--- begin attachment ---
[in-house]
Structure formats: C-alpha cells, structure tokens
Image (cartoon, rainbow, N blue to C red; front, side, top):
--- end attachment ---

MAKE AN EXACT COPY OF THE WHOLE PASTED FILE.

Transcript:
[in-house]
Structure formats: C-alpha cells, structure tokens
Image (cartoon, rainbow, N blue to C red; front, side, top):